The Ameritron ALS-600 QSK Mod Is Done

The QSK modification for my recently acquired ALS-600 solid state amplifier is now complete. The instructions for this modification by AD5K are quite good as is the small PCB he can supply anyone wishing to give this alteration a professional look. The mod is a simple one, easily handled by even a beginner electronic kit enthusiast.

AD5K ALS600 mod in placeThe idea behind this improvement is to replace the stock open frame relay (about 10 ms delay) with much faster (3 ms) closed frame relays so as to ensure that the exciter isn't "hot" during that relay delay during TX decay (cue the music!).

I have an appreciation for keeping equipment stock, so it felt weird to remove the old relay, especially the step where you grab the frame itself, held in my a single screw, and rock it back and forth until the screw strips out. Sort of like pulling a stubborn molar. It's not an entirely irreversible step, but might as well be.

PCB with buss wire sticking through
Besides the two 16-pin IC sockets, the two relays, PCB, and a 1N4007 diode, the AD5X kit comes with two short pieces of stiff buss wire, gauge 20 and 28. These wires are cut into 4" lengths and soldered to the contacts in the old relay base according to the diagram in the instructions. The smaller gauge wires are for the DC power and amp bias, while the bigger ones handle the business end of the RF switching.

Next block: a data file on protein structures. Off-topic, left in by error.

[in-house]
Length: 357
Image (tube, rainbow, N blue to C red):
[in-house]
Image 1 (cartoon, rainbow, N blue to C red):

The original black RF In and RF out wires, which were cut long when removing the old relay are re-attached via this small board. I departed from the instructions in this respect only in that I re-attached those connections before I had the board in final position so that I had more room to maneuver. Then I pushed the board down as far as it would go, soldered the wires and flush cut them.

finished mod close-up
The final package looks neat and the retro look to the PCB could even make you believe this was part of the original machine.

Really, that is all there is to it. It seems to work very FB at 30 WPM (AD5K tested it at 80 WPM). You'd have to listen closely to even hear the relays switching. Unfortunately, I didn't have time to test it in a QSO as our usual afternoon T-Storm rolled in before I got that far, but soon, soon. 73!

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  1. Awesome blog you have here...overall i'm really like it, very useful article, because 2 meter band & 80 meter its my hobby during my off job

  2. This comment has been removed by a blog administrator.


Thanks very much for your comment! 73, Casey